Pakistan today said that the reports in American media that military ruler Gen. Pervez Musharraf is considering to put forward a proposal to grant some degree of autonomy to Kashmir during the coming Indo-Pak summit was an idea floated by the US Administration and was not the stand of Islamabad.
Reacting to yesterday’s Washington Times report stating that Pakistan may propose an autonomy formula during the proposed Musharraf-Vajpayee summit, Pakistan’s Defence spokesman Maj. Gen. Rashid Querishi told PTI that the autonomy idea essentially appeared to be that of the US Government.
“It appears that the newspaper is quoting the US sources. This is not the position of the Government of Pakistan and I am not aware of such an idea being discussed at any level of our Government,” Maj. Gen. Querishi, also press advisor to Gen. Musharraf, said. To a question whether Pakistan favoured such an idea, he said, “Our point of view is that the start of a new peace process will be the first step towards peaceful resolution of the long-standing problem.
During the Musharraf-Vajpayee talks, these and many other proposals are likely to be considered by the concerned parties. Several proposals have been made by various groups in recent years.
The ideal solution would be to hold a plebiscite in the entire state, including the Indian and the Pakistani sides, under U.N. supervision as promised in the UN resolutions of 13 August 1948, 5 January 1951, and 24 January 1957. Since the outcome of such a vote is obvious, India has avoided it under one excuse or the other all these years.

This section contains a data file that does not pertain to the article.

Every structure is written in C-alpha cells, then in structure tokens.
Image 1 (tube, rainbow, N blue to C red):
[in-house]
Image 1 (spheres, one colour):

India would be happy to maintain the status quo and retain the LoC as a permanent border, with the Valley, Jammu and Ladakh merging with mainland India, and Pakistan keeping what is now known as Azad Kashmir. Pakistan has always rejected this proposal.
US now wants a third option to Indian or Pakistani control, an option that is not contained in the original U.N. resolution: to remain “independent.” While such a possibility has been discussed during the unofficial India-Pakistan “track 2” talks, however, the proposal does not have backing of majority of Kashmiri people.
Another proposal that has been floated is to hold separate polls in Azad Kashmir, the Valley, Jammu and Ladakh to ascertain the views of the different parts of Kashmir. This is a plan whereby Jammu and Ladakh would revert to India, and the Valley to Pakistan. This has been vigorously opposed by Kashmir’s Muslims, who are the overall majority in the state.
Still another proposal from some circles is for Jammu and Ladakh to join India, with Pakistan keeping the Azad Kashmir area. The Valley would be accorded an independent status.
Obviously, each scenario has its difficulties. But the solution of Kashmir lies in a “give and take” formula. The people and leaders of both countries should be realistic and be ready for the ‘compromises’ for the sake of long lasting peace in the region.